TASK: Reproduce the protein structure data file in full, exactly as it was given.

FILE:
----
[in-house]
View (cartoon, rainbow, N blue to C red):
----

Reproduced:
[in-house]
View (cartoon, rainbow, N blue to C red):